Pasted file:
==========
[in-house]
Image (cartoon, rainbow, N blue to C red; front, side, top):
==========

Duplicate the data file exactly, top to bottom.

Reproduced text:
[in-house]
Image (cartoon, rainbow, N blue to C red; front, side, top):